How did the project begin? What were your early thoughts? What part of the class (readings, lectures, other assignments, in-class workshops and preparation) helped you in your early stages of generating text and ideas? What were your concerns or worries and how did you address them? What did you learn or discover about yourself? About your family? About theatre and performance? What challenges did you face as a learner? As a creative collaborator? As a performer? What will you remember about the process? About the performance?

12 thoughts on “Reflections

  1. Courtney writes:

    “As an individual who has always appreciated the art of theatre, but has also had many miserable experiences partaking in it, I was reluctant to registering for this course. I had assumed that it would consist of various in-class skits and dialogue, little did I know that I would be participating in a performance that was planned to take place in our University’s Recital Hall. When this was made clear to me within our first couple weeks of class my brain had processed every possible way I could escape this particular course requirement. I obviously failed miserably.

    I began to learn and understand the intricacies of devised theatre and it started to seem like a realistic way that I could become involved in something completely foreign to my prior experiences within theatre. The collaborative process was more than uncomfortable at first, but once I could see the way our in class activities could potentially inspire our main performance; it became captivating. The devised process allowed us all to approach the intimidating final performance in our own ways, which ultimately made it feel natural and less like “acting.”

    Although the reading was very interesting to me the whole way through our course discussions, I found myself faced with an unsurpassable obstacle for nearly one month of our course. We had been assigned the task of collecting old, family heirlooms and artifacts that would make our stories come to life. It would seems as though this was such a simple assignment, unless of course you’re from Minnesota (like myself) with no plans of visiting until fall break. I had so much hope that I would find the missing piece to my puzzle when I went home that when I’d realized I still had very little to contribute towards this project I became even more disheartened.

    It wasn’t until two weeks prior to our performance that Daniel suggested I focus on the mystery of my great-great-grandmother Ingaborg Aunan. I’d always known that she was cold and mean, but I never thought so much as to look into it. She’d been the intriguing family mystery that I’d overlooked time after time. By bringing my honest, discouragement to the table I offered Daniel, as well as my peers, a critical lens through which to view my stories in hope of showing me something I’d been scanning over the whole time; sure enough that was the case.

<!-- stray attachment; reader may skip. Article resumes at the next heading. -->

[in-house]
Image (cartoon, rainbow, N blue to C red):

Not only did this project allow me a reason to look deeper into my family’s history, but also I feel as though my classmates and I developed a very unique bond with one another. Not only because we came to know so much about each others families, we were all willing to be vulnerable in a setting unfamiliar to us – the stage. We embraced each other’s stories, mistakes, and accomplishments as we all overcame our stage fright together.

    I would be really interested to facilitate a devised performance myself. I really enjoyed learning of the devised projects within the prison system and I think that this technique could do great work in various fields of therapy to encourage personal growth. I know I felt empowered to have done something so far out of my comfort zone as to perform on stage, in an intimate setting, in front of so many strangers.”

    Liked by 2 people

    • Nick writes:

      When I signed up for COM 419 my expectations were few, I only hoped to branch out and experiment with another creative medium, theatre, through a class that would count for my Peace and Justice Studies Major. Now two months later, I can certainly say I did this and whole lot more.

      Origins was timely and it felt a little more like fate that I would be part of the class project Daniel Valdez was directing. Now in my fourth year at Regis I have experienced many things. I have traveled abroad, taken a diversity of class, volunteered, and completed internships. Beginning this semester I was becoming more sure of my identity as a student, explorer, and professional, however, my identity as an Italian-American was fading.

      Daniel, in one of our first meetings said, “Too often nowadays we become orphans to our own histories.” This resonated with me as I drifted to other more powerful poles and spheres of influence in my own development and formation. Both out of necessity and circumstance I was becoming the orphan he talked about. The gentrification of the neighborhoods where my family grew up in, and my pursuit of a career and job have both been factors that have put me at risk to lose this identity.